Quote, natural, unquote

Photo by libertygrace0 (tiffany terry) via Flickr

The world “natural” doesn’t mean much, if anything, on most food packaging. Consumers often confuse it with “organic,” and manufacturers and marketers prey on that confusion. Natural is, by and large, a marketing ploy. As Marion Nestle notes, the FDA provides the following stupifying non-definition:

What is the meaning of ‘natural’ on the label of food? From a food science perspective, it is difficult to define a food product that is ‘natural’ because the food has probably been processed and is no longer the product of the earth. That said, FDA has not developed a definition for use of the term natural or its derivatives. However, the agency has not objected to the use of the term if the food does not contain added color, artificial flavors, or synthetic substances.

Nestle notes that “In contrast, the USDA is way ahead [of the FDA] and has defined what “natural’ means for meat and poultry products. ‘Naturally raised’ means no growth promoters, antibiotics, animal by-products, or fish by-products.” Check out Nestle’s piece with its many links as well as this post from Harvest Public Media, which also includes some informative links.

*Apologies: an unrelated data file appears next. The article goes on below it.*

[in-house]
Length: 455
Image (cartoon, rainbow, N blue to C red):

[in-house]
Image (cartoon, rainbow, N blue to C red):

For a probing analysis of the use of “natural” as a marketing term for breakfast cereals, check out the “Cereal Crimes” report and “Cereal Scorecard” available from The Cornucopia Institute and watch the video below.


One comment

  1. zazzman

    I don’t worry about us picking out “natural” foods, but I am concerned that others have fallen for this marketing ploy. I think the part that really gets my blood boiling is that they charge extra…ugh!!

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